Bishop Alphonsus Cullinan has already taken on his first apprentice, who will be trained in defense against the dark arts at his diocese of Waterford and Lismore. He warns that reiki and other new-age techniques for healing and cleansing the soul may, in fact, welcome in dark forces or even “the devil” himself.
“You’re channelling energies, in inverted commas, you could well be opening yourself up to letting a spirit in which is not good and is dangerous stuff, actually,” Cullinan told local radio station WLR FM, as cited by The Irish Times.
He claims the brother of a local reiki healer says “he saw a vision of Satan” while performing the hands-on-healing, through which universal energy is transferred to encourage emotional or physical healing, on a client. The healer was reportedly “scared out of his wits, dropped the reiki and went back to the Church.”
Cullinan wants to protect members of his newfound order from evil spirits and those who “have been involved in some kind of new-age thing or some kind of séance or that kind of thing,” who may have inadvertently, “opened up a door to an evil force, Satan.”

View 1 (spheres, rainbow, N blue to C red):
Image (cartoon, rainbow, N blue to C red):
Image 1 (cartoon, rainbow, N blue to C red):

The bishop recalls one horrifying incident which exemplifies the power of the evil forces he is confronting.
“I remember one particular priest, a friend of mine who I knew who was involved in one particular case, and it was a girl, a professional girl, young, who came with her mother, and there were four men, kind of rugby types, to hold her down in the chair, such strength she had,” Cullinan recalls.
He added that, despite warning the men to purge themselves of their sins by going to confession beforehand, one of them failed to heed his warning.
“The girl [spoke] with a voice that wasn’t hers, it was a male voice coming out of her, actually called out the sins of your man, the guy who hadn’t gone to Confession,” the bishop said.
“I’m sorry if I’m scaring anybody.”
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A Catholic bishop has launched what he calls a “delivery ministry” to rid people of dark spirits and combat forces of evil terrifying his diocese in rural Ireland. So far, he claims to have received “several requests” for help.
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